Read 2019: A Year in Books

For 2019 I set my Goodreads goal at 30 books and just barely hit it. Whew, it’s been a year. A high-risk pregnancy, car accident, new baby, and series of bad luck at work have me looking forward to 2020. I need a new start of sorts, a fresh take, and a new year is prime for that kind of perspective. I am not big on New Year’s resolutions but I will take the opportunity to turn the page and start fresh.

Here are the books I read for 2019 and some thoughts on my favorites, least favorites, and trends.

1. The Secret Token: Myth, Obsession, and the Search for the Lost Colony of Roanoke by Andrew Lawler (4/5 Stars)

2. The Bear and the Nightingale by Katherine Arden (3/5 Stars)

3. The Alchemist by Paulo Coelho (4/5 Stars)

4. The Clan of the Cave Bear by Jean M. Auel (2/5 Stars)

5. The Kingmaker’s Daughter by Philippa Gregory (3/5 Stars)

6. The Art of War for Writers: Fiction Writing Strategies, Tactics, and Exercises by James Scott Bell (5/5 Stars)

7. Daisy Jones and the Six by Taylor Jenkins Reid (4/5 Stars)

8. Outlander by Diana Gabaldon (5/5 Stars) (Reread)

9. The Bone Witch by Rin Chupeco (3/5 Stars)

10. Hunter by Mercedes Lackey (3/5 Stars)

11. Elite by Mercedes Lackey (3/5 Stars)

12. The Mueller Report by Robert S. Mueller III (5/5 Stars)

13. Echo North by Joanna Ruth Meyer (3/5 Stars)

14. Big Magic: Creative Living Beyond Fear (3/5 Stars)

15. The Tiger’s Wife by Téa Obreht (4/5 Stars)

16. Wrede on Writing: Tips, Hints, and Opinions on Writing by Patricia C. Wrede (4/5 Stars)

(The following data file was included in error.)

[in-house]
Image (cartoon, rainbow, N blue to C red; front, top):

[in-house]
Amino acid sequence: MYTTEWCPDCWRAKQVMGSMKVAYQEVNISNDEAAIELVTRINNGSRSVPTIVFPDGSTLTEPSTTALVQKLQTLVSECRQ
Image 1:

17. The Library Book by Susan Orlean (4/5 Stars)

18. Apex by Mercedes Lackey (3/5 Stars)

19. The Vine Witch by Luanne G. Smith (4/5 Stars)

20. You Are a Badass: How to Stop Doubting Your Greatness and Start Living an Awesome Life by Jen Sincero (2/5 Stars)

21. City of Girls by Elizabeth Gilbert (5/5 Stars)

22. Good Omens by Terry Pratchett and Neil Gaiman (4/5 Stars)

23. On Writing: A Memoir of the Craft by Stephen King (5/5 Stars)

24. Pachinko by Min Jin Lee (5/5 Stars)

25. The Silence of the Girls by Pat Barker (3/5 Stars)

26. The Witches Are Coming by Lindy West (4/5 Stars)

27. Three Dark Crowns by Kendare Blake (3/5 Stars)

28. The Book Woman of Troublesome Creek by Kim Michele Richardson (5/5 Stars)

29. The Dutch House by Ann Patchett (4/5 Stars)

30. Story Trumps Structure: How to Write Unforgettable Fiction by Breaking the Rules by Steven James (4/5 Stars)

Top Five Favorite Reads

1. Pachinko by Min Jin Lee

2. The Book Woman of Troublesome Creek by Kim Michele Richardson

3. On Writing: A Memoir of the Craft by Stephen King

4. Outlander by Diana Gabaldon

5. City of Girls by Elizabeth Gilbert

Least Favorites

You Are a Badass: How to Stop Doubting Your Greatness and Start Living an Awesome Life by Jen Sincero

The Clan of the Cave Bear by Jean M. Auel

My 2019 Reading Trends

I learned a few things about myself from my reading habits this year.

First, as I get older I find myself increasingly drawn to literary fiction.

Second, I am very disillusioned by self-help books that refuse to acknowledge systemic inequalities and assume all readers have the same privileges. I get that they are (most likely) writing to an audience of upper middle class white women in suburban regions but to not address any unfairness seems completely blind and very not 2019.

Finally, I have not read a YA novel this year that made me feel much of anything. My selection of authors might very well be the cause here. I didn’t try any really exciting authors who offer a new voice. That is something I plan to remedy in 2020. YA is one of my favorite genres and I can’t imagine not reading it. I know it’s a viable genre, I just need to find the good in the tide of mediocre.

Overall, with the year I’ve had, I’m happy with my reading accomplishments. More good reads than bad ones including falling in love with a new author, Min Jin Lee, whose entire body of work will definitely be making its home on my book shelves soon.

Here’s to only 4 star and up books in 2020!

What were your favorite (or least favorite) books you read this year?

The Dutch House: Book Review

The Dutch House by Ann Patchett